Singaporean blogger Amos Yee Pang Sang turned up at the courts today at 9.30AM, flashing the middle finger to reporters who hurried to catch pictures of him.
Singaporeans attending the court session today were visibly fewer in number. Only 20 seats were filled, as opposed to the whole gallery and the long snaking queues in the past. Present in the gallery was activist blogger Roy Ngerng. Former bailor Vincent Law whom Yee had accused of molesting him was not present at the hearing.
Last month, Yee was found guilty of making offensive remarks against Christians and uploading an obscene image. He was in court today to hear about the judge’s decision on sending him for reformative training.
Yee was initially put under consideration for probation, which would have left him without a criminal record, but at an urgent hearing last Wednesday, the court ruled out a probation sentence after Yee’s probation officer said that Yee did not want to do probation and failed to turn up for scheduled meetings. The prosecution thus recommended reformative training, which they argue will have a more rehabilitative effect than jail.
At the hearing, the judge ruled that Amos Yee would be remanded 3 more weeks while a reformative training report is sent in to evaluate Yee’s suitability for RTC.
The next hearing will be at 9.30am on June 23.
On his Facebook page, although Yee had initially set his postings about Lee Kuan Yew to private, Yee appears to have re-uploaded the postings last night. The image showing LKY and former British Prime Minister Margaret Thatcher in a sexual position is visible on his Facebook page: http://www.facebook.com/pages/Amos-Yee/286808914699053.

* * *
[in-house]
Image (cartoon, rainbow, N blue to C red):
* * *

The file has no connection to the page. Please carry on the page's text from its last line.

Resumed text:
Yee initially privatised both the video and the blog post with the image after District Judge Jasvender Kaur ordered him to do so, as a consequence of the convictions.
But the prosecution noticed on May 21 that the offending video and post had been made public again.
“Me taking down my video is just candy for the Singapore government, candy that I’m not willing to give,” he wrote.
The judge had initially called for a probation suitability report, which would have left the teenager without a criminal record.
Deputy Public Prosecutor Hay said a jail term or a fine would have no rehabilitative effect on Yee.
He argued that a stint at the Reformative Training Centre (RTC) would “provide the necessary structure and discipline which Yee’s present circumstances clearly lack, and will be conducive to his rehabilitation.”
Reformative training is a rehabilitative sentencing option for young offenders aged under 21 who are found to be unsuitable for probation.
A stint at the RTC lasts between 18 and 30 months, and includes structured rehabilitation programmes, foot drills, and counselling. Offenders will not have contact with adult prison inmates.